|Publication number||US4052779 A|
|Application number||US 05/679,360|
|Publication date||Oct 11, 1977|
|Filing date||Apr 22, 1976|
|Priority date||Mar 31, 1975|
|Publication number||05679360, 679360, US 4052779 A, US 4052779A, US-A-4052779, US4052779 A, US4052779A|
|Inventors||H. Eric Hunter|
|Original Assignee||Charter-Wallace, Inc.|
|Export Citation||BiBTeX, EndNote, RefMan|
|Patent Citations (6), Referenced by (8), Classifications (11)|
|External Links: USPTO, USPTO Assignment, Espacenet|
This is a division of application Ser. No. 563,663, filed Mar. 31, 1975, now U.S. Pat. No. 3,973,313.
1. Field of Invention
The invention relates to an apparatus and method for assembling micro-filter units. Micro-filter units are intended for the filtering of very small quantities of liquids, for example, urine, say in one or two or at most several drop quantities. One such micro-filter comprises a barrel, a plug adapted to be inserted into the barrel, and a filter disc clamped between the barrel and the plug. The invention is directed particularly to an apparatus and method for assembling such micro-filter units.
2. Prior Art
Apparatus is known in the prior art for the filling and capping of bottles and for the loading of ammunition in which the container or cartridge case is advanced from station to station by a suitable indexing mechanism and the device is programmed to perform one or more operations at each station. None of these apparatuses, except for the indexing and programming mechanisms, both of which are well known and well developed in the art, are capable of being used for assembling the micro-filters with which this invention is concerned.
It is an object of the invention to provide a new and improved apparatus and method for assembling micro-filter units, particularly micro-filter units having a barrel, a plug adapted to be inserted into the barrel, and a filter disc clamped between the barrel and the plug. Still more particularly it is an object of the invention to provide a simple and effective apparatus and method whereby the filter disc can be cut out of filter stock and inserted into the barrel and the plug then seated in the barrel in contact with the filter disc. Further objects will appear as the description proceeds.
The invention relates to an apparatus and a method for assembling micro-filter units having a barrel, a plug adapted to be inserted in the barrel, and a filter disc clamped between the barrel and the plug, which are characterized in that the filter disc is punched out and seated in the barrel in a single stroke of the punch. This is accomplished by providing a plurality of spaced stations, a plurality of barrel holders having the same spacing as the stations, indexing means adapted intermittently to advance the barrel holders from station to station, punch and die means located at one of said stations in apposition to the open end of the barrel which is in the barrel holder positioned at that station and with the axis of the punch coinciding with the axis of the barrel and having a reach such that after a disc is punched out, the continuation of the punching stroke carries the disc into the barrel, and means at a subsequent station for seating a plug in the barrel in contact with the filter disc.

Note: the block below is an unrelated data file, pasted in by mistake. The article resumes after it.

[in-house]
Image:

The punching station is provided with means for advancing a web of filter stock over the die in synchronism with the operation of the punch so that, when the punch is retracted after each punching stroke, fresh stock is advanced to be ready for the next punching stroke. This is accomplished by means of a clamp, provided with means for advancing and retracting it to and from the die, programmed to clamp the filter stock and move it forward when the punch is retracted and thereafter to disengage the paper so that the clamp can be retracted for another cycle.
The punch has a reach such that, after the filter disc is punched out, a continuation of the punching stroke will carry the filter disc into the barrel and seat it there. This operation can be advantageously furthered by having a means for raising the barrel into contact with the die so that there is no space between the die and the barrel; further, by providing means to center the barrel with respect to the die so that the axis of the barrel and the axis of the die coincide. The operation can also be furthered by providing the die with a suction head so that the punched out filter disc will be held by the die until it is seated in the barrel. It is not so important with this modification to have the barrel raised into contact with the die but, of course, both may be used.
At a subsequent station, there is provided means for inserting the plug into the barrel containing the filter disc and, at a still further station, there is provided means for ejecting the assembled filter unit.
In the drawings:
FIG. 1 is a side elevation with parts in section.
FIG. 2 is an end view in partial section taken along line 2--2 of FIG. 1.
FIG. 3 is a detailed view in partial section of a modified form of the punch and die.
FIG. 4 is a cross-section of the lower portion of the punch shown in FIG. 3.
Referring now particularly to FIG. 1, 2 represents the barrel of the micro-filter unit, 4 the plug thereof, and 6 the filter disc. The barrels 2 are inserted into barrel holders 8 and advanced from station to station by continuous chain 10 arranged over sprockets 12. The first two stations are reserved for inserting the barrels in the barrel holders. The third station is the punch and die station. The fourth and fifth stations are reserved for arranging the plugs for insertion into the barrels. The sixth station is the seating station in which the plug is driven or rammed into contact with the filter disc 6 and the last station is the ejection station where the assembled micro-filter units are ejected.
The continuous chain comprises a plurality of links 14 and 16 linking together a plurality of rollers 18. The rollers roll on upper tracks 20 and lower tracks 22 as seen in FIG. 2. The rollers, after leaving the tracks, engage the sprockets whereby the chain is kept taught and is driven by suitable driving means 24 for driving one of the sprockets. The rear rollers are engaged by the rear sprockets 26 and the front rollers by the front sprockets 28 which are partially broken away so that the rear sprockets can be seen. The barrel holders 8 are provided with shoulders 30 which rest on links 14 and 16 to maintain the barrel holders in upright position as they go from station to station. Also, the pins 32 which go through the rollers 18 and link together the links 14 and 16 may be welded or otherwise affixed to the barrel holders 8 and to one of the links, i.e., to the link 16a as shown in FIG. 2, so that it is always maintained in upright position.
The housings 34 and 36 house standard indexing mechanisms and programming mechanisms for advancing the holders 8 from station to station and for performing the various operations necessary to be performed at the stations. It will be understood that the means for advancing a plurality of holders from station to station, the indexing means and the programming means for programming a sequence of operations, are all well known and understood in the art and that the invention lies in the construction and operation of the punching station as will now be more particularly described.